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A Private Member Looks at Defence Policy
Sarkis Assadourian

At the time this article was written Sarkis Assadourian was the Member of Parliament for Don Valley North , member of the Standing Committee on Citizenship and Immigration and associate member of the Foreign Affairs Committee.

Over the last decade the world has undergone immense transformations that have compelled Canada to reassess its security commitments for the 21st century. In October 1994 A Special Joint Committee of the Senate and House of Commons presented its report on "Security in a Changing World". This was followed by a Government White Paper on Defence Policy. This article looks at some of the issues to be considered in working out a new Defence Policy for Canada.

During the Cold War, Canada maintained a strong commitment to the Western Alliance. Defence spending was defined by commitments to NATO and NORAD in Europe and North America. These military alliances were justified on the basis of national security. Also, the bipolar nature of the international system intensified the need for organisations such as NATO and NORAD. The bipolar system was characterised by the dominance of two superpowers: the United States and the Soviet Union. With the Soviet Union's feared military arsenal, Canada needed to be protected. Thus, NATO and NORAD, reflected the security predicaments in a bipolar world. These military commitments continue to provide the security needs of Canada.

Today the prospects of Canada entering into a conflict with a major superpower seem unlikely, but, threats to global security still exist. Former US President, George Bush, coined the now popular phrase, `New World Order, to describe an invigorated world without superpower confrontation, where prospects for international co-operation are greater. However, conflicts between nations and humanitarian disasters indicate that problems have not simply disappeared with the end of the Cold War. As a member of the international community, Canada has chosen to respond to these new challenges.

Canada's Recent Contributions To Global Security

The following three examples illustrate Canada's recent contributions to global security.

Rwanda: In the last year, the people of Rwanda have been subject to incredible human suffering. The initial response from the international community was slow, however, assistance was eventually provided. Canada, upholding its international responsibilities has sent humanitarian aid to the ravaged country. Canadian peacekeeping forces ensure the safe repatriation of people from Zaire to Rwanda; also they are responsible for providing food, water and agricultural tools to Rwandans returning home. Canada's aid contribution has included over 1,000 tonnes of humanitarian relief supplies sent to Rwanda since April 1994. Also, during the civil war, Canadian CC-130 Hercules planes were the only aircraft flying into the capital, Kigali; keeping open an essential lifeline into the country. The Canadian Armed Forces transported humanitarian supplies and donations gathered by various Non-Governmental Organisations (NGOs) and co-ordinated by the Canadian International Development Agency (CIDA).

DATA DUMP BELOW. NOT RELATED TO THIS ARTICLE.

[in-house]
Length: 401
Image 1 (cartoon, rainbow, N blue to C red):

Haiti: Canada has played a key role in attempts to return democracy to Haiti. When the United Nations Security Council agreed to impose sanctions on Haiti, the government of Canada authorised the deployment of a Canadian Naval Task Group to monitor and enforce UN sanctions. As well, Canada joined naval forces from the United States, the United Kingdom, France, Argentina, and the Netherlands. When American troops were able to secure the country following the military government's downfall, Canada committed to sending 210 police officers and peacekeepers to the United Nations Mission in Haiti (UNMIH). The RCMP will help train the Haitian police force. On October 15, 1994, Foreign Affairs Minister, André Ouellet announced that upon Jean Aristide's return to Haiti, Canada will provide $30 million in aid over six months. With the political climate stabilising in Haiti, there is reason to be optimistic for the future of democracy.

Yugoslavia: Since the bloody conflict in the former Yugoslavia began, Canada has contributed extensively to the United Nations Protection Force there. Canada is committed to peace in the region, to the United Nations and to our allies. Canadian aircraft have conducted nearly 1,500 flights, transporting more than 10,000 passengers and 20,000 metric tonnes of food and relief supplies. Currently, there are about 2,000 Canadian troops in the former Yugoslavia. Since the fall of 1991, Canada has contributed 50 million dollars in humanitarian assistance for the victims of the conflict. The latest Canadian contribution to the former Yugoslavia will be allocated to a series of bilateral and multilateral programs including: 4 million dollars in Canadian food aid delivered by the World Food Program; 3.2 million dollars to the United Nations High Commission for Refugees; 400,000 dollars to the World Health Organisation to help restore medical facilities and support local health personnel; 400,000 dollars to the UN Childrens Fund; 1.5 million dollars to the Red Cross for emergency winter supplies; and 500,000 dollars to support the humanitarian assistance activities of qualified Canadian agencies.